Mexico takes first step to protect art from indigenous communities

The Senate of the Republic is preparing a bill to prevent the plagiarism of designs of the indigenous communities of Mexico, by national and international companies, announced Ricardo Monreal Ávila, president of the Political Coordination Board (Jucopo).

The legislator said that for the first time in the country there will be a law that protects the art, imagination and creativity of indigenous people, “so that they never have their designs stolen again and those who want to copy them will have to pay for them once they register at the National Institute of Industrial Property, in trademarks and patents.”

In the Forum “Protect the Collective Right of the Intangible Cultural Heritage of Indigenous Peoples and Communities”, noted that there are European, North American, even national brands that not only plagiarize, but steal designs from Oaxaca, Michoacán, State of Mexico or Chiapas, among others state.

“And then they patent them and they own the brand of cultures, that can not happen anymore,” said Monreal Ávila, who said that if possible, the issue will be addressed in the extraordinary period of sessions to be held on June 18, 19 and 20.

In turn, the president of the National Commission of Human Rights (CNDH), Luis Raúl González Pérez, said that it is necessary to advance towards the justiciability of the collective right of the indigenous and Afro-Mexican peoples, as well as respecting the promotion, protection, and defense of their cultural heritage.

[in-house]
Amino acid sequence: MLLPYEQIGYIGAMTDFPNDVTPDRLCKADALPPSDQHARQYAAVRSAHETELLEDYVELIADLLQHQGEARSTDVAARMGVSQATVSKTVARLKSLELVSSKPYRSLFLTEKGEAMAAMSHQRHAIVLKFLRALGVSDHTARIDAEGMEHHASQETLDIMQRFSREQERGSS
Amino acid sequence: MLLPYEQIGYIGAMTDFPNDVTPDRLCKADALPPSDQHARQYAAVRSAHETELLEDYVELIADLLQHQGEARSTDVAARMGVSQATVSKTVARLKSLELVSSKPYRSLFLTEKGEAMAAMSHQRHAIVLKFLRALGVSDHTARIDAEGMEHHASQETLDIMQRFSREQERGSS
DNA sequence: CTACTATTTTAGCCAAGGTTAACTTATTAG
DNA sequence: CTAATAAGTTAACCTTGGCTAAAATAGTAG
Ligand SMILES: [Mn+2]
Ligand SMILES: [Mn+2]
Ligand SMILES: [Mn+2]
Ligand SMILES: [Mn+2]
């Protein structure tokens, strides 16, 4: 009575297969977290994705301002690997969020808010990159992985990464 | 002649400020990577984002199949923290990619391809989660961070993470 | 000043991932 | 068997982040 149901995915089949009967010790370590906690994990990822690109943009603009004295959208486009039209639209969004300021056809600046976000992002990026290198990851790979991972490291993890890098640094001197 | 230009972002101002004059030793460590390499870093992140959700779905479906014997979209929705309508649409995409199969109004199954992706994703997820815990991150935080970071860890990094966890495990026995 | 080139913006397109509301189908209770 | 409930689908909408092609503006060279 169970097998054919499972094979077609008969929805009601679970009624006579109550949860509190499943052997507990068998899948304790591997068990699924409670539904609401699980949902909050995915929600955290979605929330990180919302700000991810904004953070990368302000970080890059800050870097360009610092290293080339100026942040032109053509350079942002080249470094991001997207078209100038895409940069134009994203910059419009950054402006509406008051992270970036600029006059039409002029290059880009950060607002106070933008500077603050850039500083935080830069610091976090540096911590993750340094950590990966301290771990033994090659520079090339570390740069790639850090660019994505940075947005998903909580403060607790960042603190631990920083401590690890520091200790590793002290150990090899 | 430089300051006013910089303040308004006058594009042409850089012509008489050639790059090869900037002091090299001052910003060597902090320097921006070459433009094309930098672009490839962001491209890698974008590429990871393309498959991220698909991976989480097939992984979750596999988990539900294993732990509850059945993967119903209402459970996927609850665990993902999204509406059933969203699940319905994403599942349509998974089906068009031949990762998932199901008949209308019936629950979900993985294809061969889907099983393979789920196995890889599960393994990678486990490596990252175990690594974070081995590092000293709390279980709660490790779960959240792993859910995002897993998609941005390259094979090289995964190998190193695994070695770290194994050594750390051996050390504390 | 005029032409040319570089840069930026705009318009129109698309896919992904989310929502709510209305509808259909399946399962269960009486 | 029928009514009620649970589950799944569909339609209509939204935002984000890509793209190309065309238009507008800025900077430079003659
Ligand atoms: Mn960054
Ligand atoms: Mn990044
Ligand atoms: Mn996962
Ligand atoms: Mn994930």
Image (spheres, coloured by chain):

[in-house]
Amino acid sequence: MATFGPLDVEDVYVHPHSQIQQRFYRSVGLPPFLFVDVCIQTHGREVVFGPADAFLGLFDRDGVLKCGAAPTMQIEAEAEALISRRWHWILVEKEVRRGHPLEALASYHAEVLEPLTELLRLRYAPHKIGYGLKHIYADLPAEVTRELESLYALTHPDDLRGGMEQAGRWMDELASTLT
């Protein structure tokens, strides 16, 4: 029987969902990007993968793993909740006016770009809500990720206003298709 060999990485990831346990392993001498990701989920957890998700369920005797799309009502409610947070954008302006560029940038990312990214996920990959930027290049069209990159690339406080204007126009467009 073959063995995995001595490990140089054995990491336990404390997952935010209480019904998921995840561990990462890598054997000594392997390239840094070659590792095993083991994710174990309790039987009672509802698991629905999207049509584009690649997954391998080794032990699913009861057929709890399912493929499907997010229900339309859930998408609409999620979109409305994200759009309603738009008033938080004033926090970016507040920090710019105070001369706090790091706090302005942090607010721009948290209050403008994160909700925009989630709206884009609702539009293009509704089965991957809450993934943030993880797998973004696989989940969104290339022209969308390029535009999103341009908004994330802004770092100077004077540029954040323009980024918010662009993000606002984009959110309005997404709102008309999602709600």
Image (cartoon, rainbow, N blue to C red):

He added that when it is violated “there is an unfair and ominous practice that has put in serious risk the knowledge and processes of ancestral cultural creation, besides weakening local economies, community self-sustainability and the preservation of their culture”.

He stressed that the richness of the artistic creations and cultural expressions of indigenous peoples and communities are a source of admiration and recognition both in Mexico and abroad, “but also an object of desire and ambition on the part of people and organizations that have sought to appropriate or benefit of that cultural heritage. ”

Therefore, he added, it is a priority to place this issue on the national public agenda, which implies the violation of the collective and individual rights of indigenous peoples, Afro-Mexicans and comparable communities.

About the author

This article was written by Ian Hayden Parker, Oaxaca Life staff writer, the leading source for English news in Oaxaca, Mexico.